Medifast’s Research PDF provides the outcomes of nine studies, four of which follow subjects for at least one year. Medifast puts a glossy spin on its research summaries, but the actual results in the research aren’t nearly as impressive as those presented on media resources page (proceed to the end of this blog post to check out the spin provided in each study):

  • Study 2 — A randomized controlled trial of 119 type 2 diabetics seeking weight loss were assigned to one of two 25% caloric restriction diets, one of which was the Medifast Plus for Diabetics program. Seven subjects dropped out before the start of the program, while just 48 completed the 34-week active weight loss phase. Of the original 54 Medifast subjects, the 31 who remained lost an average of 16 pounds, or half a pound per week. At week 60, 23 Medifast patients lost an average of 11 pounds, or one-fifth of a pound per week.  At week 86, 16 Medifast patients lost an average of 12 pounds, or one-tenth of a pound per week. This also means that the average patient who started at 224 pounds spent 86 weeks on the Medifast plan for a final weight of 212 pounds.
  • Study 3 — An evaluation of Medifast’s medical charts for 1,351 healthy patients (out of 9,948 available records) who were on the Medifast program for at least 12 weeks. Patients averaged between 650-850 calories per day, and some were prescribed 30 mg of Phentermine, an appetite suppressant medication (ASM), for the active weight loss phase. If their hunger persisted, they doubled the dose. If subjects needed a longer-lasting effect, they were prescribed Phendimetrazine. Just 324  (25%) patients lasted 52 weeks, and of those patients, the ones who reported being consistent in using the Medifast supplements and ASMs lost an average of 29 pounds, while those who were not prescribed an ASM lost 30 pounds, or just over half a pound per week.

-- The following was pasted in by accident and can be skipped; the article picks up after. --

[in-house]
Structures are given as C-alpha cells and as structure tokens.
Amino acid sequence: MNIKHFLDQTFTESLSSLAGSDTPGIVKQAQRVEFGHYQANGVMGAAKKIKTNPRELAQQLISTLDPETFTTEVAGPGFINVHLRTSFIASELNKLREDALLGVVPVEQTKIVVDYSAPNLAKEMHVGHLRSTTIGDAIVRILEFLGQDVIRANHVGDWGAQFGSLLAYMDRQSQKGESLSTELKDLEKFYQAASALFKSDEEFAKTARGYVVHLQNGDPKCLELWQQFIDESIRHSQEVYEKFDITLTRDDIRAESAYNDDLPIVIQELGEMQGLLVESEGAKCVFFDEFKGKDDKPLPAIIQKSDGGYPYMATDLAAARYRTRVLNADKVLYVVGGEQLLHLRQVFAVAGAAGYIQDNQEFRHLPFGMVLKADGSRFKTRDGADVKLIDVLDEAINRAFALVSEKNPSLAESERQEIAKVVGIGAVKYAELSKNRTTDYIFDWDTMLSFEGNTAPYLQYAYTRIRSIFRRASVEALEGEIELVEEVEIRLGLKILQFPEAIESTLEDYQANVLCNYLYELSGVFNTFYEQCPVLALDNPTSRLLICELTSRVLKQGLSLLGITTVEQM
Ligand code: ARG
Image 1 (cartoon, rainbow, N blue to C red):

• Study 5 — A randomized controlled trial of 80 overweight kids aged 8 to 15 and 40 parents. After 6 months of a 500 calorie deficit, researchers followed them for an additional 12 months of weight maintenance. No actual weight loss data is provided, and since the study was presented at a conference, only the abstract is available. They do inform us that subjects began the program averaging the 99th percentile. Six months later subjects reached 96.6% and after the full 18 months they were at 96.4%, making the average subject still obese.